Growth cycle

In the Miscanthus growth cycle, new shoots are formed annually, they usually emerge above ground in April at a soil temperature of 10-12 degrees Celsius. In the first year of planting, the stems reach a length of about 1 - 1.5 metres with a diameter of about 10 mm by August.

In late summer, the plant begins to slowly dry out from below, this process accelerates in autumn when nutrients move to the rhizomes. At this time, the leaves fall to the ground and a dense foliage is formed. Should there be any remaining foliage, it will die off during frost, during winter the crop dries out further.

Around March - April, after the leaves have fallen off, the Miscanthus is ready for harvesting. When the outside temperature rises, the growth cycle repeats.

The stems appear to be between bamboo and cane, are usually unbranched and have a pith-filled core. From the first year after planting, the crop will develop until it can eventually reach a length of 3 - 3.5 metres (year 3), however, this also depends on conditions such as weed suppression at inception, weather and soil quality.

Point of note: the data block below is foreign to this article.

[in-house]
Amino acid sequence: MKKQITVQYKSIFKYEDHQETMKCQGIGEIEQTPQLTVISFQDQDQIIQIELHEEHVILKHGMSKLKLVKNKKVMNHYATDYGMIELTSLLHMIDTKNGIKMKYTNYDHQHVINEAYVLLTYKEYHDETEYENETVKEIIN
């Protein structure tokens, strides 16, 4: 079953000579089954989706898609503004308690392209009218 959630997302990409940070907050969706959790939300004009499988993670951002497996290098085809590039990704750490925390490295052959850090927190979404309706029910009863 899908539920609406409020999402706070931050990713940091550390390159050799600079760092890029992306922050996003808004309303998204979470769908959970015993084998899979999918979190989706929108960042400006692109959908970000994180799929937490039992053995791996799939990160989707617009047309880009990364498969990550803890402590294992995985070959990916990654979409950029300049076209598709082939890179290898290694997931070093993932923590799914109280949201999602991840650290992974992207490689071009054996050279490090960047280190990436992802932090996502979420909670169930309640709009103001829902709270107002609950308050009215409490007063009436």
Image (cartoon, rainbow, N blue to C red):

Even though Miscanthus is planted for a 20-year period there is an annual growth cycle. From the 3rd year after planting, the Miscanthus usually reaches its full potential for the remaining life span.

Herfst Gras


Annually, after the leaves fall off, you can harvest your Miscanthus in March or April. When the temperature is you can immediately sow your new rhizomes for the next growth cycle.


The new shoots emerge above ground, it becomes clear whether the seeding was successful and the Miscanthus will grow.


Until summer, Miscanthus can grow up to 1.5 metres high, at the end of summer the drying process starts from the bottom upwards.


The leaves fall off your Miscanthus, thus covering the soil well. The drying process continues throughout autumn and winter.